Forum:Nobility template on every world page

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Forums: Index > Watercooler > Nobility template on every world page

This was copied from Talk:Akigir (world) to ensure a wider public discussion.

Thomas, the nobility box is duplicated by what you do (Advanced URL & data data statistics for T5SS), but it is important for Wayne and others so they can enter in extra nobility data.
Is it possible for you to not delete this information or for all of us, as in the wiki team, to discuss it?
Seriously, not my pet peeve, designed and implemented for others... including by Marc's request as part of future nobility plans.
- Maksim-Smelchak (talk) 18:14, 20 May 2017 (EDT)

The respect for the content and layout of articles goes both ways. I assert that if Wayne or any of the other wiki editors wanted to add content to an article, they are fully capable of adding the correct headers at this same time. And that the Manual of Style/world exists for this exact reason.
I am also strongly of the belief that the Template: Imperial Nobility, Template: Starport, Template: World Tech, and Template: WorldGov should not be added to every single world article. I'm even thinking about replacing the Imperial Nobility template in the StellarDataQuery.
There should instead be longer, more comprehensive, articles on each of the settings for these template values, with links from the world articles. These links should be both from the UWP and StellarDataQuery templates (i.e. in the infobox) and in the main article text; either from the header information or the other article information or both.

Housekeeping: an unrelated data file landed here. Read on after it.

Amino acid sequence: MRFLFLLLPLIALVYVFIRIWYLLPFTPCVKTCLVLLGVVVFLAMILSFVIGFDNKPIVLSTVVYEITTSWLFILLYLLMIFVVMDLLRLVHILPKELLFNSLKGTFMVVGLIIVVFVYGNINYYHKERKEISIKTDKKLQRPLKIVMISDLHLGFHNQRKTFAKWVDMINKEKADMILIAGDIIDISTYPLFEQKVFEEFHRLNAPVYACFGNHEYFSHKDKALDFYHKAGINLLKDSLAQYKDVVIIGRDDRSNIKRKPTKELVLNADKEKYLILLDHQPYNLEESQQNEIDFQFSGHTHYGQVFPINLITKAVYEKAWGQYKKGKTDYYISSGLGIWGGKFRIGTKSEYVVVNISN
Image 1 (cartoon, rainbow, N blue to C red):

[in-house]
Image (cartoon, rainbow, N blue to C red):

Finally, based upon my review of the changes I made the Akigir article, I would say the removal of the Imperial Nobility template and the header was accidental, not intentional. So thank you for having a discussion about these changes. Let's work some more on what the correct and appropriate layout for these articles should be. Tjoneslo (talk) 16:51, 21 May 2017 (EDT)

Maybe I am getting ready to show my age here, ages ago the conservation of space was at a premium (data-space in your RAM as well as transfer speed through your MODEM) due to the high cost of those micro-circuits. These days RAM and such are ridiculously inexpensive. The limitations of RAM and transfer speeds appear to have been pushed to the far back burner. But why should we burden those highways and parking lots with all the traffic?
That being said, I still see no reason to duplicate information on the same page, or copy info from one page to the next without elaboration. Take the entry on the starport, you can get that – as well as comparisons from one to the other – on the starport page; I see no need to copy (ok, “template” it) onto the world page. The same can be said for Template: Imperial Nobility, Template: World Tech, and Template: WorldGov unless there is a level of detail unique to that world to make it different enough to detail.
At that point, the template in use is really irrelevant, because you no longer have a tech level 9 world, but a tech level 9 (interstellar travel) and tech level 16 genetic engineering entry….. a rather unique entry that precludes the template style.
- Ssteve (talk) 10:26, 22 May 2017 (EDT)

How many of you have memorized the entire sequence? Marc Miller hasn't. Rob Eaglestone hasn't.
We make it easy for new people to get into the hobby by making it easy for them to understand. It's worth the effort and it costs next to nothing in terms of space. And I am one of the only one that takes the effort to do it so it's nothing to you.
Plus the new authors use those categories and details to help them develop content. MJD does. So do many others. It's meaningful.